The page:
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UPDATE: the whole thing described below works fine for non-root accounts on the remote machine.

That is, this works:

anderson@client -> nonroot@remote -> anderson'

This does not work, however:

anderson@client -> root@remote -> anderson'

So the question is actually, how do I make ssh agent forwarding work when the machine in the middle is root?

Local machine (OSX) has forwarding turned on in the ~/.ssh/config file:

Host remotehost
    ForwardAgent yes

Local machine does not override this setting in /etc/ssh/ssh_config.

Host *
#   ForwardAgent no

Local machine is running ssh-agent:

anderson$ ssh-agent
SSH_AUTH_SOCK=/tmp/ssh-L0iFZ891Gv/agent.75083; export SSH_AUTH_SOCK;
echo Agent pid 75084;

ssh-add has been performed on the key:

anderson$ ssh-add -K ~/.ssh/id_rsa
Passphrase updated in keychain: /Users/anderson/.ssh/id_rsa
Identity added: /Users/anderson/.ssh/id_rsa (/Users/anderson/.ssh/id_rsa)

$SSH_AUTH_SOCK is there:

anderson$ echo $SSH_AUTH_SOCK

ssh key has been uploaded to GitHub and is working:

anderson$ ssh -T
Hi [elided]! You've successfully authenticated, but GitHub does not provide shell access.

Remote machine (Ubuntu 12.04LTS) has the public ssh key from the local machine and it works:

anderson$ ssh root@remotehost

Remote machine has AllowAgentForwarding configured:

[root@host1~]# head /etc/ssh/sshd_config
# Package generated configuration file
# See the sshd_config(5) manpage for details

AllowAgentForwarding yes

And here's where it goes pear-shaped: SSH_AUTH_SOCK is nowhere to be found on the remote:

[root@host1~]# echo $SSH_AUTH_SOCK


And of course key forwarding is nowhere to be found as well:

[root@host1~]# ssh -T
Permission denied (publickey).

Even forcing it like this doesn't work:

anderson$ ssh -A root@remotehost

Debug output:

anderson$ ssh -vvv -A root@remotehost
OpenSSH_5.6p1, OpenSSL 0.9.8r 8 Feb 2011
debug1: Reading configuration data /Users/anderson/.ssh/config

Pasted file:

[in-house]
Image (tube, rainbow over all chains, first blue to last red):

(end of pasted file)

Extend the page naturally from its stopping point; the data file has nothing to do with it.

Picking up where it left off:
debug1: Applying options for remotehost
debug1: Applying options for *
debug1: Reading configuration data /etc/ssh_config
debug1: Applying options for *
debug1: auto-mux: Trying existing master
debug2: fd 3 setting O_NONBLOCK
debug2: mux_client_hello_exchange: master version 4
debug3: mux_client_request_forwards: requesting forwardings: 0 local, 0 remote
debug3: mux_client_request_session: entering
debug3: mux_client_request_alive: entering
debug3: mux_client_request_alive: done pid = 45287
debug3: mux_client_request_session: session request sent
debug1: mux_client_request_session: master session id: 3

So am I missing something? It seems to me I've covered all of the bases for debugging. Any ideas on what else I can check?

share|improve this question
Why are you sshing as root anyway? – EEAA Mar 1 '13 at 3:28
I knew someone would ask that. :-) Long story short, there's no good reason other than to change it right now would take more time than I have. Certainly before this goes production I want to have everything sorted into user accounts, but that's going to take a lot of work for reasons I won't get into right now. – Scott A Mar 1 '13 at 4:23

I had similar case, and the reason was that wrapper I was using was setting ControlPath option, and SSH also was stuck at debug1: mux_client_request_session: master session id: 3. Removing a directory specified in ControlPath has resolved the issue.

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